Pain Is Thunder
An album I bought when I was 11.
Everyone's sharing their Michael Jackson memories, so in the spirit of emotional and cultural conformity, here's mine.
I loved the Jackson 5. Still do. Have all their hits. "ABC," "I Want You Back," and "Never Can Say Goodbye" remain among the great Motown tunes.
I liked some of MJ's solo stuff, "The Way You Make Me Feel" particularly. The first time you heard that song, you knew it was a hit. Fucker had the touch.
That's about it, really. I never got caught up in the Jacko maelstrom, though I appreciated how easy he made it for comedians, especially during the child molestation years. If a white comic created Jackson from scratch and sent him through the same motions, he or she would be tagged as racist. Guess that says something about American culture, though what exactly I'm not quite sure.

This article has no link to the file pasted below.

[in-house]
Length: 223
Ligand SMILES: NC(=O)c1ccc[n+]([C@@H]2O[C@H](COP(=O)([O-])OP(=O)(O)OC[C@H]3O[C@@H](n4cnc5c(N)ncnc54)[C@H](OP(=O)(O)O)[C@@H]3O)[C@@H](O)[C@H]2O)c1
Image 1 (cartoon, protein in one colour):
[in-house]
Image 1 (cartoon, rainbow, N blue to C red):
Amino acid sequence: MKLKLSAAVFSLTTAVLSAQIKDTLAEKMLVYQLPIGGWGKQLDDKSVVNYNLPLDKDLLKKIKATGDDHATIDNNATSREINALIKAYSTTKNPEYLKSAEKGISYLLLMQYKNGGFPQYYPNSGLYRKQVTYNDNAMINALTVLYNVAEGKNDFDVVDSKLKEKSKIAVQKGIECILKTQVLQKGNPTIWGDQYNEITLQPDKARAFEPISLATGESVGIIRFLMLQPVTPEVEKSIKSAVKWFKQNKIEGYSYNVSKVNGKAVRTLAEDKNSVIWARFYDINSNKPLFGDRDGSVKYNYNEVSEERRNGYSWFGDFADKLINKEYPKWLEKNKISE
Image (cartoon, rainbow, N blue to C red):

Friend Jon Schwarz has an idea, taken from the film "Three Kings." Makes a certain amount of sense to me.
Oh yeah. An old family friend owned a very successful antique shop in Indianapolis. One day, in walks Michael Jackson, entourage in tow. MJ strolls through the store, pointing to certain items while an assistant jots notes. He's extremely quiet, whispering what he wants to buy. After about 10-15 minutes, Jackson finishes shopping, dropping some forty grand in the process.
Ginny and her employee are shocked that this is happening. It seems unreal. Being older and conservative, they weren't Michael Jackson fans, but they knew who he was. If anyone else looked and acted like MJ, they would probably make fun of him. But this guy's the biggest celeb on the planet. So they ask for pictures and autographs, and later speak of Jackson in reverent tones.
Jackson was in town during the Ryan White AIDS period. Otherwise, his sudden appearance in Ginny's store would seem even more bizarre.
Brother Jim Buck was more into MJ than I. Go read him, and make a habit of it. Jim's new blog is fairly exploding.
AND: Pal Louis Proyect offers his fine thoughts.